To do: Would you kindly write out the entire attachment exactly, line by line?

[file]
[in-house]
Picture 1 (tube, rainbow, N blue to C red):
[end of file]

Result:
[in-house]
Picture 1 (tube, rainbow, N blue to C red):